Scott Aaronson points out that the probability of your vote changing the results of the election scales like N-1/2, where N is the number of people. But the amount of change your vote creates, if it tips the election, scales like N. So the expected amount of change you will cause, by voting, scales like N1/2. That's a big number, so you should vote. If you live in a big country, you should vote more, although that's irrelevant; if any other country is voting today, the US media has ensured that I don't know that.
Of course, N1/2 seems a bit high, and it comes from modeling people as flips of a fair coin; Aaronson points out that under a more realistic prior (due to Andrew Gelman), the expected probability that your vote flips the election is N-1, so the expected amount of change your vote causes doesn't depend on the size of the country.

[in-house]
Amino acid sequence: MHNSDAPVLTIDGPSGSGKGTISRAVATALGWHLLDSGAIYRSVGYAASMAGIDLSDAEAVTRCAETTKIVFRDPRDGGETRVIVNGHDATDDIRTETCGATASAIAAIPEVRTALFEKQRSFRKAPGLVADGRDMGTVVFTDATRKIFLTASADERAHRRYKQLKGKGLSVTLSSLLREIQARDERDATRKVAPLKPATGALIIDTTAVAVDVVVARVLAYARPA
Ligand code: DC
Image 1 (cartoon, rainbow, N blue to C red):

I won't "officially endorse" anybody. But one of the candidates in the present election trained as a lawyer, taught in a law school for a while, and likes to compare himself to a certain Senator from Illinois. That senator, in order to equip himself to understand the law better, studied Euclid. Being a mathematician, I think this is pretty cool. Who I'm voting for is left as an exercise for the reader.